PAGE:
This is the first book of an awesome Apocalyptic trilogy. This book starts out with a high school football player named Tucker Pierce, who lives a quiet life on Pemberwick Island,Maine. He is also perfectly fine being the backup for a kid named Marty on the team. As a game goes on, Marty seems to be having the best game of his life, when he scores a touchdown and just drops dead. The narrator describes the whole story in past tense, and describes that as "the first death". This is the start of a "real page turner" of a story. As that week goes on, Tucker and his friends (Quinn and Tori) find out that a U.S. military branch invades his island.This story goes on to describe how The trio find out what the heck is going on, and in three books! It is a very good book, and I strongly recommend it. Just don't read it if you do not have access to the other books, because you have to read the whole series.
"Life of Pi" by Yann Martel recounts the major events of Pi's life before going into detail about him being stranded on a lifeboat with a tiger. It has frequent anecdotes about zookeeping and religion, especially near the beginning. The main character, Pi Patel, is an extremly likable main character. Though he is not particularly colorful or eccentric, his devotion to God and resilience make the audience instantly emphasize with him. Richard Parker, the tiger, is also made interesting. Though he doesn't do anything out of the realm of possibility, it's always left unclear how he's going to respond to the current situation. The rest of the characters are not particularly deep, but they all serve their purpose.
The plot is fairly simple, focusing more on describing Pi's struggle in detail than twists and turns. Sitting on a boat for seven months is hard to make interesting, but this book rises to the occassion. Every change in circumstance is explored, and Pi has to respond in creative ways. In between the speeches about how to train a tiger and why a hyena is dangerous, there are themes about faith that are masterfully done. While I can't say I agree with everything that's said about religion, I do appriciate how it is explored.
I would reccomend this book to animal lovers, people who enjoy survival stories, and anyone looking for a unique story that will keep them hooked.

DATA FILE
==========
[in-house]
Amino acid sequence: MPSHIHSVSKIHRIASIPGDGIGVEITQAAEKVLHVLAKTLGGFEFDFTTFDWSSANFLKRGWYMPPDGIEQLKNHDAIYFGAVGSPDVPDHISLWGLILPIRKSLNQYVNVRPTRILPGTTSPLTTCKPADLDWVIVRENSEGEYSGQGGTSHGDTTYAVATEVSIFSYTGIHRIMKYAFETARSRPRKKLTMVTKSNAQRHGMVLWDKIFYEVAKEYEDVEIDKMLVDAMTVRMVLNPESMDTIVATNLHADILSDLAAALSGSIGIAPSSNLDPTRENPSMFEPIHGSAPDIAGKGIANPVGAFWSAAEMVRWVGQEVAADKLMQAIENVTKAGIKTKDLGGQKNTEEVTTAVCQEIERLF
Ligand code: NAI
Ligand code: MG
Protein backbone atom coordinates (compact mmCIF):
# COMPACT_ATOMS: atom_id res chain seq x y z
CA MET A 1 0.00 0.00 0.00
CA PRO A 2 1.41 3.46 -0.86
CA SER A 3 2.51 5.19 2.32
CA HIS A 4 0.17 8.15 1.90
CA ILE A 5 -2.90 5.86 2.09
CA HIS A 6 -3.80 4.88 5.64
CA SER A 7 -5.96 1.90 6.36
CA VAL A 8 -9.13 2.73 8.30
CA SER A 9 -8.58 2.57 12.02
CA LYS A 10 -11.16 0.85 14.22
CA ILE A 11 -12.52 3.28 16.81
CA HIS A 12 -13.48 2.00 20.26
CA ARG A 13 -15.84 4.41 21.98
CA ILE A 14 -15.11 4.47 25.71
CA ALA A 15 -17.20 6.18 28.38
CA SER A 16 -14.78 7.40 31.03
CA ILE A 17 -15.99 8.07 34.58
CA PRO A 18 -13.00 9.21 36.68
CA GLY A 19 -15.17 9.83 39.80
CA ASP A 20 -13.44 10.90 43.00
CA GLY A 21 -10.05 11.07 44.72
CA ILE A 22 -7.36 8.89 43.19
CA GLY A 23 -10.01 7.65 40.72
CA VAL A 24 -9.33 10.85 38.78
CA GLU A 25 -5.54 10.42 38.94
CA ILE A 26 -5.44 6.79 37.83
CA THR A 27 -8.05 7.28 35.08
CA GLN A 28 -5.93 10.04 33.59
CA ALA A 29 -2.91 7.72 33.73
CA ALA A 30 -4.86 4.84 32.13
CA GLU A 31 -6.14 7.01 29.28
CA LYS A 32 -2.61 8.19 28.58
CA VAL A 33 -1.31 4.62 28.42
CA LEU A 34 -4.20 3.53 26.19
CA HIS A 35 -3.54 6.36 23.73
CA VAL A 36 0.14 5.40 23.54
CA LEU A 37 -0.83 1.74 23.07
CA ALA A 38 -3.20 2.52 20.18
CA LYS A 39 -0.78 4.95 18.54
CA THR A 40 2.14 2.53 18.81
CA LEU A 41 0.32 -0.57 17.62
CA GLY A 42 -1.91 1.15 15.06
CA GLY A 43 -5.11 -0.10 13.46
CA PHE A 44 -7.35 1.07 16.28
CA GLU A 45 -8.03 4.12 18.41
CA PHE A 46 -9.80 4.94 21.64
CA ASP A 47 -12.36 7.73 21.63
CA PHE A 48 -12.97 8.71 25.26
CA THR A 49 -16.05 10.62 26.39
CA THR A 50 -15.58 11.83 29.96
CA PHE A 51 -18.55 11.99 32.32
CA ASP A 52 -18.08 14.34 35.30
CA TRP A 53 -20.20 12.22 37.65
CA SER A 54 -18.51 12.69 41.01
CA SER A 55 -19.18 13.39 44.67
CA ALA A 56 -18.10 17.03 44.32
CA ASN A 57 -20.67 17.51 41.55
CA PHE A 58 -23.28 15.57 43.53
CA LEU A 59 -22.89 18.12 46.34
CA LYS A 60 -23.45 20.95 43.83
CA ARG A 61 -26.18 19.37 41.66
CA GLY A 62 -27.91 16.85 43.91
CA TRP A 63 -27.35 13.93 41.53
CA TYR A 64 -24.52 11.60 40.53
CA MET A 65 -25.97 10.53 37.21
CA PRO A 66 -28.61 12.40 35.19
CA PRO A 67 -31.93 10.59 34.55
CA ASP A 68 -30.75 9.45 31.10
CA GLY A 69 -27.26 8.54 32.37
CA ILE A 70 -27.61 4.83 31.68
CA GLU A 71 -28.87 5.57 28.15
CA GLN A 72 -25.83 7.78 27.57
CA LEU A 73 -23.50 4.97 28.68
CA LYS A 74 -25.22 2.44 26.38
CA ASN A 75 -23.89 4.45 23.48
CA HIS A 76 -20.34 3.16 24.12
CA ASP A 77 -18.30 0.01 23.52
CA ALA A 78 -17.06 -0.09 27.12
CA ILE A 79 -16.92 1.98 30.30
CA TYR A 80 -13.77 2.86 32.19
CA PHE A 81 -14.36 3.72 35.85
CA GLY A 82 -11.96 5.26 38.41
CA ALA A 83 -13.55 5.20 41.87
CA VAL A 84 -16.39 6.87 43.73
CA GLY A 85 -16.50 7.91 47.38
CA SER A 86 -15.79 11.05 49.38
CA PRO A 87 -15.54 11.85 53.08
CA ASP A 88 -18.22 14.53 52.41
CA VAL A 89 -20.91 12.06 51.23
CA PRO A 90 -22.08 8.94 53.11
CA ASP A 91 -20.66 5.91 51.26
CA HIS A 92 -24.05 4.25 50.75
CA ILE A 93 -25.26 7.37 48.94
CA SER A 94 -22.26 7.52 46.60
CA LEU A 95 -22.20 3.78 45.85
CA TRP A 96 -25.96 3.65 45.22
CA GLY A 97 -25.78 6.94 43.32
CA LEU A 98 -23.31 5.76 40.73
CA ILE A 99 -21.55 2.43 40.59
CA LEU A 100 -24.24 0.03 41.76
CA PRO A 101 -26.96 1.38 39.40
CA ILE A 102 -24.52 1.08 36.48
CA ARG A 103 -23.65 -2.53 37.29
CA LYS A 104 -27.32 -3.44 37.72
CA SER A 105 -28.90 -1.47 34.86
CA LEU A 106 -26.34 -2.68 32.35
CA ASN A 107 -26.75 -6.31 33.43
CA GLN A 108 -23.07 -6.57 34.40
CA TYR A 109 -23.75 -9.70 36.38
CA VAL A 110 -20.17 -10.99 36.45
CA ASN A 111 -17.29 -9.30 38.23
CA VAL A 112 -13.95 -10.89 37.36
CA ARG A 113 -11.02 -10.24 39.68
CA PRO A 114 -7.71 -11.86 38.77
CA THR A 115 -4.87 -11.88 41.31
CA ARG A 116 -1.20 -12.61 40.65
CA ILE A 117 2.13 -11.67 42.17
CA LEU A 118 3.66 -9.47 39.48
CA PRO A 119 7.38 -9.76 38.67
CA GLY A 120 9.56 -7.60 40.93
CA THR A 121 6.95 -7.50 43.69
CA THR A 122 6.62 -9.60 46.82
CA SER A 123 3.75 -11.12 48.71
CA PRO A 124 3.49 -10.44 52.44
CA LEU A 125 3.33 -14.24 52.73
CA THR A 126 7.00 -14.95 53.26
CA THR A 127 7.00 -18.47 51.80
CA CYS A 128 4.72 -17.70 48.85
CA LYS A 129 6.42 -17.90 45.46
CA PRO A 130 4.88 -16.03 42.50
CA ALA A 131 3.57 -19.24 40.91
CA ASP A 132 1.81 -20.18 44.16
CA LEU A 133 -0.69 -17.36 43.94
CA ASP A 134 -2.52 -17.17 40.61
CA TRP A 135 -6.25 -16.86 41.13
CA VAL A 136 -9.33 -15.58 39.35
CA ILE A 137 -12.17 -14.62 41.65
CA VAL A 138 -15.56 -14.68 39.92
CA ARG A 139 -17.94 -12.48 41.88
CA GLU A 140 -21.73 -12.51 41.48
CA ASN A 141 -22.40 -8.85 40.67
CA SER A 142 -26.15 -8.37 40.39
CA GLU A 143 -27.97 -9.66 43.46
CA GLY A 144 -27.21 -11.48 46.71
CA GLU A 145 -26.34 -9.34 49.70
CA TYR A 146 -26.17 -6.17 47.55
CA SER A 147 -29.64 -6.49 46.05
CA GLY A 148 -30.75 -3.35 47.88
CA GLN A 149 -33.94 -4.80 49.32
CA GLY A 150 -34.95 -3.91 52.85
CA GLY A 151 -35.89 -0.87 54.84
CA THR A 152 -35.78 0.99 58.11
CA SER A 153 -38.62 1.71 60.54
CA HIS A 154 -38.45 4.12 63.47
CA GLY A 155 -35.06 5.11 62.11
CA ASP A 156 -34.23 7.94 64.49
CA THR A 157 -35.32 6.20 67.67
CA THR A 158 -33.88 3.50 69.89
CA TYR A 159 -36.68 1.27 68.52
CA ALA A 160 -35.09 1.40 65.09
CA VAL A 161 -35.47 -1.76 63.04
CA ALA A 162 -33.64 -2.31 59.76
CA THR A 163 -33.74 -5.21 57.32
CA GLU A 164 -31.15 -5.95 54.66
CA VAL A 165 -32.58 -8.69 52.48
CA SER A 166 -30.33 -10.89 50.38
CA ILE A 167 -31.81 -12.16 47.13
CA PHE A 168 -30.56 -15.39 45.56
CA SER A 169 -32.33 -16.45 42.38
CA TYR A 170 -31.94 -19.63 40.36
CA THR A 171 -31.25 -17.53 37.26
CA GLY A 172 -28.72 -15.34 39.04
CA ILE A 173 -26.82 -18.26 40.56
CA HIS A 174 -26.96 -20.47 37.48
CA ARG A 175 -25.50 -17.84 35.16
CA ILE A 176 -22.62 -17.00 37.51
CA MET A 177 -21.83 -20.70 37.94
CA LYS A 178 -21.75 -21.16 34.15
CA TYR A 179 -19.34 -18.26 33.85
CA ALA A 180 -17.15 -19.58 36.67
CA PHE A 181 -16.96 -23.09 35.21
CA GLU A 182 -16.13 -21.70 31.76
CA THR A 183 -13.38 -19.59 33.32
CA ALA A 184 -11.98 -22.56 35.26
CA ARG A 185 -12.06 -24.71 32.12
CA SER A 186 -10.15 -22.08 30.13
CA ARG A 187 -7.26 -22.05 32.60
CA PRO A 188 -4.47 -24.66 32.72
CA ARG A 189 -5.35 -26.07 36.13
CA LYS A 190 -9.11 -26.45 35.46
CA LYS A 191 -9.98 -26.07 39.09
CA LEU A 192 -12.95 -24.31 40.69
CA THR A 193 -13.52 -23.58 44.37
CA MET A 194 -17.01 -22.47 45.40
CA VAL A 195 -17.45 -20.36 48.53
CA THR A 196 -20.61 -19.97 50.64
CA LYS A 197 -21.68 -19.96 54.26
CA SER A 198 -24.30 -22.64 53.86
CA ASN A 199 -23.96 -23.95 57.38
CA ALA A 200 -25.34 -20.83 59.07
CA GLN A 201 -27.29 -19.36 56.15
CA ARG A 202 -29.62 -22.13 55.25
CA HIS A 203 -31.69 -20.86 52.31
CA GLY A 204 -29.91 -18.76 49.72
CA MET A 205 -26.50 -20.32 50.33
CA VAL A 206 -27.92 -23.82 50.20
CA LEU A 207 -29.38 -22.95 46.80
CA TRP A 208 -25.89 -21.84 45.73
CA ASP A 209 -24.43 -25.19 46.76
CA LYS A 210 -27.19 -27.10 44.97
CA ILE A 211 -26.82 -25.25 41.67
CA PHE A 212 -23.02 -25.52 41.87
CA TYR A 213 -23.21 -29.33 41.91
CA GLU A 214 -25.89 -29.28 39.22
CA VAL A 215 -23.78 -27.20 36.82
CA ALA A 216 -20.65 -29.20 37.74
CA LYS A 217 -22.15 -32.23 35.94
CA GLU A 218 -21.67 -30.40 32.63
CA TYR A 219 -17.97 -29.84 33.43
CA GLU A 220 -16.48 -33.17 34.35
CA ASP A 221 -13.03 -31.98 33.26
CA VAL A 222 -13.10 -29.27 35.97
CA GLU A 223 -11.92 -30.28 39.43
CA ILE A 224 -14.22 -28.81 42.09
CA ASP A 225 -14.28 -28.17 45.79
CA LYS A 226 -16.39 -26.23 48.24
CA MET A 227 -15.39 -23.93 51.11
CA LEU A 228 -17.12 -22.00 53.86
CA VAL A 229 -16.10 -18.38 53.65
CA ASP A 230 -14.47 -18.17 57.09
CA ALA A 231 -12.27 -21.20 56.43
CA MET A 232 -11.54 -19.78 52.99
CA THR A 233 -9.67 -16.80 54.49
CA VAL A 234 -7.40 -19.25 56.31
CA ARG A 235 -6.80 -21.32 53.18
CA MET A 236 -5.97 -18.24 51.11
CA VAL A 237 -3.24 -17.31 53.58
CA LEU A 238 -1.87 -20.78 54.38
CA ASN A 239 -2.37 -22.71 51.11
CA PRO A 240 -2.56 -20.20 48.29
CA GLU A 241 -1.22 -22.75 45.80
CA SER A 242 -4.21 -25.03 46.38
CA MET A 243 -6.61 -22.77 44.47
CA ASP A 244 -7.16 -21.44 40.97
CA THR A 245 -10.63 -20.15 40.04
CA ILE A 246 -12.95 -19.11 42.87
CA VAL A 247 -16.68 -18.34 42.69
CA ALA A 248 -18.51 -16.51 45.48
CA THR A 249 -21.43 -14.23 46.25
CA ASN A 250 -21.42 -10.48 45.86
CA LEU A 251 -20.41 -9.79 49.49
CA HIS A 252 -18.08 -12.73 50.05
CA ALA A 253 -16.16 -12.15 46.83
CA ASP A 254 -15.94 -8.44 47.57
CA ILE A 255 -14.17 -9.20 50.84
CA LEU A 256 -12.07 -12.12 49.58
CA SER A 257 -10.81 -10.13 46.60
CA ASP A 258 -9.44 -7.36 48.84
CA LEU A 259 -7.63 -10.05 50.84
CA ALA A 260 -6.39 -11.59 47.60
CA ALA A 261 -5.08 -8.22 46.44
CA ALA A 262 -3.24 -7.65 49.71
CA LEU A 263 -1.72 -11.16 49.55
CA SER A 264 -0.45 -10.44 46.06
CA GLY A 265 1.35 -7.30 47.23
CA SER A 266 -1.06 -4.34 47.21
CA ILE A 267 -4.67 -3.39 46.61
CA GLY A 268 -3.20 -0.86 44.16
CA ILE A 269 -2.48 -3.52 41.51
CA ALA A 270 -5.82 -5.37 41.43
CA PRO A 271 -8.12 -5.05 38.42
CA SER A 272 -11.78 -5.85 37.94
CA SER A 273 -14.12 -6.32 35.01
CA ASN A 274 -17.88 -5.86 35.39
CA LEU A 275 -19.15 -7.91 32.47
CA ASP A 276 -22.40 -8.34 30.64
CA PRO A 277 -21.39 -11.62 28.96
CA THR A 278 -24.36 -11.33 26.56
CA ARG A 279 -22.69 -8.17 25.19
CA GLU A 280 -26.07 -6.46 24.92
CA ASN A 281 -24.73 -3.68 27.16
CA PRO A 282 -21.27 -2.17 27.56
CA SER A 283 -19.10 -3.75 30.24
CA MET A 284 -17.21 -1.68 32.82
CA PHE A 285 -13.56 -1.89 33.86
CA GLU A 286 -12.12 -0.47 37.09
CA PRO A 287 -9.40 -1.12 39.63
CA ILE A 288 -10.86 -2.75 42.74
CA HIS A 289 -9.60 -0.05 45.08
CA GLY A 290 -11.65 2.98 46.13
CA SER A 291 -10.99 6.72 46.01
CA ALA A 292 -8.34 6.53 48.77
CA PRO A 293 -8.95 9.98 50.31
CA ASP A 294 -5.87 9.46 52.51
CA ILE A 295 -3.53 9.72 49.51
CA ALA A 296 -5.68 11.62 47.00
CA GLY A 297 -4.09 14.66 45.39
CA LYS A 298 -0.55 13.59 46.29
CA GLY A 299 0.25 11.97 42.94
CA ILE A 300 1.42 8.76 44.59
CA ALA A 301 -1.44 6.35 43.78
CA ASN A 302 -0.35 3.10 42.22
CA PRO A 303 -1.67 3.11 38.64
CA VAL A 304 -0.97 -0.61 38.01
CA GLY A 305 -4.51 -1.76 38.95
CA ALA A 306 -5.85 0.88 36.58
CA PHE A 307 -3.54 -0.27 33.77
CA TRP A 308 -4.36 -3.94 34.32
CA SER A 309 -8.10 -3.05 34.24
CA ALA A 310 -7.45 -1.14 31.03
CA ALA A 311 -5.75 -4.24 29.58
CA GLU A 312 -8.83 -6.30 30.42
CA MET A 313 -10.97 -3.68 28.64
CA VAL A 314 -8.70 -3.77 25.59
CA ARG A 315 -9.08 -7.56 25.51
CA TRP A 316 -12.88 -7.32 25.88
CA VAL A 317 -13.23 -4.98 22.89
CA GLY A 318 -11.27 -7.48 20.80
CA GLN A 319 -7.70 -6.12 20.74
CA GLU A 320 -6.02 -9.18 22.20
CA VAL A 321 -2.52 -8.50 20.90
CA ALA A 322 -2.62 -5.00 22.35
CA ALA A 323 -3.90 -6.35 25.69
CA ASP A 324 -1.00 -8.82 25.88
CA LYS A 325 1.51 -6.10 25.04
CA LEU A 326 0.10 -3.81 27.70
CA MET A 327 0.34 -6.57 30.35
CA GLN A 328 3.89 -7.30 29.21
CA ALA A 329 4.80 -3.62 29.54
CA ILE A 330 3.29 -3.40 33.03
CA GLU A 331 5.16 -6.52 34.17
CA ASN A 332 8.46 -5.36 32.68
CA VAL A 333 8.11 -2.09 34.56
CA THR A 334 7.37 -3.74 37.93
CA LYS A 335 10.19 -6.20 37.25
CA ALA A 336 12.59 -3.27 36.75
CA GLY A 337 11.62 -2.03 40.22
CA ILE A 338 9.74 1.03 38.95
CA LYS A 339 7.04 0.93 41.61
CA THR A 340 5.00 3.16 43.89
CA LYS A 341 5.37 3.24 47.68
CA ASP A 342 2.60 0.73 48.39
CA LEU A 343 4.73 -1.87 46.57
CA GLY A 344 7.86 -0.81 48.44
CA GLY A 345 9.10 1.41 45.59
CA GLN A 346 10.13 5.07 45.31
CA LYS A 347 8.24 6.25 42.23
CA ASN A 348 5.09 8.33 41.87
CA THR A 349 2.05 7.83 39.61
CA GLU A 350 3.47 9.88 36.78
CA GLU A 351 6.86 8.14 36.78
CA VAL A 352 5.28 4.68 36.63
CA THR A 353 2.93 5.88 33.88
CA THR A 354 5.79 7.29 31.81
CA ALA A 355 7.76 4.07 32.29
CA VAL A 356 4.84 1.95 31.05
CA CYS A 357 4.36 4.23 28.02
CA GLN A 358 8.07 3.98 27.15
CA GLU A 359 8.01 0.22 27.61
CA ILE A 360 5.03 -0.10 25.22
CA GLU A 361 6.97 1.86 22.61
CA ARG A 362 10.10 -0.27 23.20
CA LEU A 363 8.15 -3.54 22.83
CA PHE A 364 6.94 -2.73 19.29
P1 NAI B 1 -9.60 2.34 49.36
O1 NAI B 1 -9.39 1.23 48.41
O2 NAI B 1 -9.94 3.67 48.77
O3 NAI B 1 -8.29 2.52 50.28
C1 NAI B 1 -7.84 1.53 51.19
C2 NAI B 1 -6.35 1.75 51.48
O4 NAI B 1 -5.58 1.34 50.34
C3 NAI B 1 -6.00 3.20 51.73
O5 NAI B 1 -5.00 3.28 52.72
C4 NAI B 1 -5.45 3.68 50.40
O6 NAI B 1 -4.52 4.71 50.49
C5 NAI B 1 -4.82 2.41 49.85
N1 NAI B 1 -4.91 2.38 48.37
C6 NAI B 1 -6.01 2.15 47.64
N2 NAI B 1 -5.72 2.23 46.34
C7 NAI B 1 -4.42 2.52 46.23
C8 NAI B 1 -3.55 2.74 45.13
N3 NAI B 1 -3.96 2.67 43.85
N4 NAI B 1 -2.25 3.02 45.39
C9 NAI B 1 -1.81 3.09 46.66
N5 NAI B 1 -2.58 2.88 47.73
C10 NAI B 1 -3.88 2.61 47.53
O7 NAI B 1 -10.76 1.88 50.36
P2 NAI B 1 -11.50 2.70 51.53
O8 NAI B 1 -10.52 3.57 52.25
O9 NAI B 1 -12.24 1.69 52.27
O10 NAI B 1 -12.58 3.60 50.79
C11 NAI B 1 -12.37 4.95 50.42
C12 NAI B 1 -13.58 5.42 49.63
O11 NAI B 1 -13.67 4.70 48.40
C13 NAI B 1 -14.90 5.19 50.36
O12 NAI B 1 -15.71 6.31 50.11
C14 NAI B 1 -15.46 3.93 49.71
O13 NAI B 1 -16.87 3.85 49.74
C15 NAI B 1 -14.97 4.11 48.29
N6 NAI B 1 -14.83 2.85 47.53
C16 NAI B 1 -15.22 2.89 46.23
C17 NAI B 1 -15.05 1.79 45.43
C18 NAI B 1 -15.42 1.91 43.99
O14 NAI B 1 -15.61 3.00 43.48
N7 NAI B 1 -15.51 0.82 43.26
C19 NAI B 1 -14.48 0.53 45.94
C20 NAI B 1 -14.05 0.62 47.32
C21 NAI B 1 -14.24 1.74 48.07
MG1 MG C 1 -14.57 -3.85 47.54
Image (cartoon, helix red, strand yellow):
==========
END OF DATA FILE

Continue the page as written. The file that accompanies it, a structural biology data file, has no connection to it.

I read this book during middle school and recently reread the series. The book is about a boy named 'Gregor' Gregor falls into a laundry shoot with his sister and finds himself in a new world with a quest. He searches for his dad. He's learns to survive in this new environment picking up new skills and learning this new worlds rules.
I loved the idea of the 'Underland' a world with completely different creatures and how they interact with each other. I loved the story filled with giant animals like bats, rats, and cockroaches. How it goes into detail how Gregor and the people of the Underland get around in the dark. And how the lack of light affects their appearance. The book is very detailed and the well thought through.
The book is definitely worth a read. This book is a part of a 5 book series. Each book provides a new challenge for Gregor. And the last book just leaves you wanting more
Reviewer grade: 11
"The Call of the Wild," written by Jack London, is a novel set in Yukon, Canada during the Klondike Gold Rush. Buck, a rather large, domesticated dog, is stolen from his comfortable life and sold into the brutal world of sled dog teams in the harsh wilderness. Buck quickly learns to adapt to his new environment, tapping into his primal instincts as he navigates the challenges of survival. He forms a bond with John Thornton, a kind-hearted prospector, but Buck never feels free, and he contemplates breaking his friendship with John Thornton to escape into the wild. I enjoyed the book because I am an animal lover and I liked reading about the events that Buck endured. Subsequently, I would recommend this book to animal lovers because, after all, it is about a dog and his strive for freedom.